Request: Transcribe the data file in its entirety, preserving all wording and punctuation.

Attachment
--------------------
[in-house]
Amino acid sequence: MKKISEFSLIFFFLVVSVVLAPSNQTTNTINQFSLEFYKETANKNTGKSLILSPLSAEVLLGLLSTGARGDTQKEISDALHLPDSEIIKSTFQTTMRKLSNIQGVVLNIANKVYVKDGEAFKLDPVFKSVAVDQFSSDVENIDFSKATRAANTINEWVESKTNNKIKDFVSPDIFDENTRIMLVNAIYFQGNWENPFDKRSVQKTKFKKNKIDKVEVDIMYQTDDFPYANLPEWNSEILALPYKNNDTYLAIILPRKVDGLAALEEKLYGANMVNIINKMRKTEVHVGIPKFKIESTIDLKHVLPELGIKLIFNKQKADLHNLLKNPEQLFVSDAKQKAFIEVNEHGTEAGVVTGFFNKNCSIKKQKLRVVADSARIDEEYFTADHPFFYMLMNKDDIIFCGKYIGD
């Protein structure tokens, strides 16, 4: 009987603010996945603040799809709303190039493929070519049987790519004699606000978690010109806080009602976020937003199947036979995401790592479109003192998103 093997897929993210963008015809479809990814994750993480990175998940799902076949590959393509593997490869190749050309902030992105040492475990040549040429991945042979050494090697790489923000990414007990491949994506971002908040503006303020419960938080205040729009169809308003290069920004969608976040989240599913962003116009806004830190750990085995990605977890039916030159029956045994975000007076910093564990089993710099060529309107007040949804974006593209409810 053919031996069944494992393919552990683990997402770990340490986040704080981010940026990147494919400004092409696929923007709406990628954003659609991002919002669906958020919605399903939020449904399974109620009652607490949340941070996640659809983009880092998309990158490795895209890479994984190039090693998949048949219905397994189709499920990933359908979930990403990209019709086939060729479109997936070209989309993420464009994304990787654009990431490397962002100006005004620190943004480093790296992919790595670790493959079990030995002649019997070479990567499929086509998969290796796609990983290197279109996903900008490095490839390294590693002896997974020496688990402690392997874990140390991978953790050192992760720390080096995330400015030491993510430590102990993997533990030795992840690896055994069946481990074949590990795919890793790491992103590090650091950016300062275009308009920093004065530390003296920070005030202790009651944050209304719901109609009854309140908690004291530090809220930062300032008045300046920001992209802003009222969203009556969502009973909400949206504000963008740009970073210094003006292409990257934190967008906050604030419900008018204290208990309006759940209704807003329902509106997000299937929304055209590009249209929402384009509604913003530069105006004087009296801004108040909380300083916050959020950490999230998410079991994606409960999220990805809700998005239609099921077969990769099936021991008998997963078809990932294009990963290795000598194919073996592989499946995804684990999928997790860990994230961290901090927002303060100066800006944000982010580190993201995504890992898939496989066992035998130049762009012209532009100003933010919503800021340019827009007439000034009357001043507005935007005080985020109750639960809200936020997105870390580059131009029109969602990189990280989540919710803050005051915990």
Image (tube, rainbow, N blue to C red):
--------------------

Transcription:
[in-house]
Amino acid sequence: MKKISEFSLIFFFLVVSVVLAPSNQTTNTINQFSLEFYKETANKNTGKSLILSPLSAEVLLGLLSTGARGDTQKEISDALHLPDSEIIKSTFQTTMRKLSNIQGVVLNIANKVYVKDGEAFKLDPVFKSVAVDQFSSDVENIDFSKATRAANTINEWVESKTNNKIKDFVSPDIFDENTRIMLVNAIYFQGNWENPFDKRSVQKTKFKKNKIDKVEVDIMYQTDDFPYANLPEWNSEILALPYKNNDTYLAIILPRKVDGLAALEEKLYGANMVNIINKMRKTEVHVGIPKFKIESTIDLKHVLPELGIKLIFNKQKADLHNLLKNPEQLFVSDAKQKAFIEVNEHGTEAGVVTGFFNKNCSIKKQKLRVVADSARIDEEYFTADHPFFYMLMNKDDIIFCGKYIGD
């Protein structure tokens, strides 16, 4: 009987603010996945603040799809709303190039493929070519049987790519004699606000978690010109806080009602976020937003199947036979995401790592479109003192998103 093997897929993210963008015809479809990814994750993480990175998940799902076949590959393509593997490869190749050309902030992105040492475990040549040429991945042979050494090697790489923000990414007990491949994506971002908040503006303020419960938080205040729009169809308003290069920004969608976040989240599913962003116009806004830190750990085995990605977890039916030159029956045994975000007076910093564990089993710099060529309107007040949804974006593209409810 053919031996069944494992393919552990683990997402770990340490986040704080981010940026990147494919400004092409696929923007709406990628954003659609991002919002669906958020919605399903939020449904399974109620009652607490949340941070996640659809983009880092998309990158490795895209890479994984190039090693998949048949219905397994189709499920990933359908979930990403990209019709086939060729479109997936070209989309993420464009994304990787654009990431490397962002100006005004620190943004480093790296992919790595670790493959079990030995002649019997070479990567499929086509998969290796796609990983290197279109996903900008490095490839390294590693002896997974020496688990402690392997874990140390991978953790050192992760720390080096995330400015030491993510430590102990993997533990030795992840690896055994069946481990074949590990795919890793790491992103590090650091950016300062275009308009920093004065530390003296920070005030202790009651944050209304719901109609009854309140908690004291530090809220930062300032008045300046920001992209802003009222969203009556969502009973909400949206504000963008740009970073210094003006292409990257934190967008906050604030419900008018204290208990309006759940209704807003329902509106997000299937929304055209590009249209929402384009509604913003530069105006004087009296801004108040909380300083916050959020950490999230998410079991994606409960999220990805809700998005239609099921077969990769099936021991008998997963078809990932294009990963290795000598194919073996592989499946995804684990999928997790860990994230961290901090927002303060100066800006944000982010580190993201995504890992898939496989066992035998130049762009012209532009100003933010919503800021340019827009007439000034009357001043507005935007005080985020109750639960809200936020997105870390580059131009029109969602990189990280989540919710803050005051915990």
Image (tube, rainbow, N blue to C red):